I’m more into ordinary trans-folks like Shane who are quietly fighting the good fight for full equality than I am into Kardashian Tabloid Queens and Reality TV Superstars.
One presents us as I hope we are seen, the other continues making us spectacles to be featured on the sleazy publications featured at super market check out stands.
Sgt. Shane Ortega tells The Advocate how he’s been able to serve for years in the U.S. Army as an openly transgender man and about the pressure he faces now that the world knows who he is.
BY Mitch Kellaway
May 28 2015
Sgt. Shane Ortega wakes up and shuts off his alarm clock at the same time every workday morning. The right time.
He showers, stops in front of the mirror, carefully scrapes away the faintest hint of stubble from his cheeks. He moves to his bedroom, donning his crisp office clothes just so. He’s out the door, right on time, headed to the Oahu military office where he’s been doing human resources work ever since he was grounded — temporarily, he intends — from flight last summer.
Sgt. Ortega is never late. He is never rumpled. He never has an “off” day. And he makes sure of it, because he’s one of the first openly transgender people in the U.S. military, and he knows the world is scrutinizing him.
“Honestly, I have to be perfect right now,” the 28-year-old Army helicopter crew chief tells The Advocate over the phone from Wheeler Army Air Field. He follows his words with a light laugh that will be repeated many times over the next 40 minutes, one that seems to dissolve clouds of self-pity before they can gather. “Like, I couldn’t get a speeding ticket. I can’t be late. I can’t forget to shave one day of the week. I have to be absolutely perfect.”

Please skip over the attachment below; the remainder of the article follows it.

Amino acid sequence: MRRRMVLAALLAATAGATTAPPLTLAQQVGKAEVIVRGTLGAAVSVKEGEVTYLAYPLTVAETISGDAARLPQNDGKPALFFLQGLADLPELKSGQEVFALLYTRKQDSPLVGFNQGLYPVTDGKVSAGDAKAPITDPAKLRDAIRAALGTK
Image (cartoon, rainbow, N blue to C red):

And then, instead of resting, Ortega spends most of his lunch break talking about living a life that has become more than his own.
“I don’t think anyone really understands the level of perfection that I have to have right now that I stepped forward,” he admits. “But I understood the weight of the matter. It was part of what I juggled in my judgment before I decided to do that. And it’s really uncomfortable, to be honest. But if I don’t do it, it doesn’t help anyone else.”
He’s referring to people like the field grade officer who, he shares, privately sought him out after over a decade of service to tell him that they were transgender and had not felt able to come out. “It’s like, what can I do?” Ortega wonders aloud. “I can stick my neck out further.”
Last month Ortega stuck his neck out when he stepped into the national spotlight in a Washington Post article on the U.S. military’s continued policy against service by transgender people, becoming the institution’s most publicly visible active-duty trans soldier.
It was a decision he tells The Advocate he weighed carefully, though not necessarily because it would jeopardize his status with the military. Ortega had already more quietly let the U.S. Army know, through the American Civil Liberties Union in September, that he would not passively accept being “separated” — released from active duty — for being transgender, if his unexpected grounding ultimately led there.
Continue reading at: http://www.advocate.com/politics/transgender/2015/05/28/poised-perfection-sgt-shane-ortega-puts-face-transgender-military-ba?page=full